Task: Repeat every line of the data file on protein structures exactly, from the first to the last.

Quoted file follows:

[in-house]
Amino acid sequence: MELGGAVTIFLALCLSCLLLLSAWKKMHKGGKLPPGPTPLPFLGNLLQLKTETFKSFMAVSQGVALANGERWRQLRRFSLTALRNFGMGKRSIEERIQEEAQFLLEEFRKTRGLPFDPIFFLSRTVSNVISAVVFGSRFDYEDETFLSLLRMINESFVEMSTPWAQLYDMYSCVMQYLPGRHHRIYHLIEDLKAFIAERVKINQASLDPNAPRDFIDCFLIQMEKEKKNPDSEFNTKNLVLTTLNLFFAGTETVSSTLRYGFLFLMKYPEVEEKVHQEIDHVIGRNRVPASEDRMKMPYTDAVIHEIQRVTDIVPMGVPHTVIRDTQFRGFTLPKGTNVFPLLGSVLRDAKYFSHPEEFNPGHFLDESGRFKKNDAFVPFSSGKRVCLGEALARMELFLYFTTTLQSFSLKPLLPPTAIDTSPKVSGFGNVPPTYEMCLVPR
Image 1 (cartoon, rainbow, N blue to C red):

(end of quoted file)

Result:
[in-house]
Amino acid sequence: MELGGAVTIFLALCLSCLLLLSAWKKMHKGGKLPPGPTPLPFLGNLLQLKTETFKSFMAVSQGVALANGERWRQLRRFSLTALRNFGMGKRSIEERIQEEAQFLLEEFRKTRGLPFDPIFFLSRTVSNVISAVVFGSRFDYEDETFLSLLRMINESFVEMSTPWAQLYDMYSCVMQYLPGRHHRIYHLIEDLKAFIAERVKINQASLDPNAPRDFIDCFLIQMEKEKKNPDSEFNTKNLVLTTLNLFFAGTETVSSTLRYGFLFLMKYPEVEEKVHQEIDHVIGRNRVPASEDRMKMPYTDAVIHEIQRVTDIVPMGVPHTVIRDTQFRGFTLPKGTNVFPLLGSVLRDAKYFSHPEEFNPGHFLDESGRFKKNDAFVPFSSGKRVCLGEALARMELFLYFTTTLQSFSLKPLLPPTAIDTSPKVSGFGNVPPTYEMCLVPR
Image 1 (cartoon, rainbow, N blue to C red):